Pleurothallis titan grows as an epiphyte in cloud forests in the western cordillera of Colombia and in Panama at about 1000 to 1300 meters elevation. The species was described by Carlyle Luer in Selbyana in 1977 as Acronia titan.

Our plants flower almost continuously in the Tropical High Elevation House. You can't miss them. They do well as terrestrials in our loose soil medium of fir bark, charcoal and permatill. They also thrive as epiphytes, although their enormous size at maturity can pose problems -they need to be very firmly anchored to a tree.

A couple of plants that I cross pollinated in February are currently bearing capsules. We track and record the maturation data for every capsule we produce. When the capsule begins to split, we will sow the seeds in our lab. We plan to distribute some of the flasks and keep some of the seedlings for our collection.

Wednesday, April 15, 2015

Blue (Leaved) Orchids

Two recent additions to our orchid collection are miniatures with blue hued foliage, which makes them irresistible as far as I'm concerned.

Our Promenaea riograndensis is small enough to fit in the palm of my hand. It is a native of the cool humid mountain regions in Rio Grande Do Sul and Santa Catarina state in southern Brazil where it grows as an epiphyte, sometimes in association with P. stapeliodes, according to Jim & Barbara McQueen in Orchids of Brazil. The leaves are thin and pliable like many of the other moisture loving species in the subtribe Zygopetalinae. Since I don't have an elevation range for this species, I'm going to try growing it first in an intermediate greenhouse. If it looks stressed in summer I'll move it to the High Elevation House. The promenaeas are a fantastic group, well worth growing if you have the opportunity.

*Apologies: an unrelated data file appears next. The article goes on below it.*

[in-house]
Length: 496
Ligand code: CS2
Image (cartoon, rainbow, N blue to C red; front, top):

And then there's Dendrobium trantuanii, which has some of the most beautiful pseudobulbs I've seen. They are laterally flattened and a striking blue grey color. Even the stem sheaths are gorgeous. Denderobium trantuanii was described in 2003. It grows as an epiphyte in seasonally dry evergreen forests of northwestern Vietnam at 800 to 1,000 meters elevation. Our plants are growing in our warm greenhouse. In our greenhouse, they seem to prefer growing in small cedar baskets with a small amount of moss and chopped tree fern, rather than on a cork mount.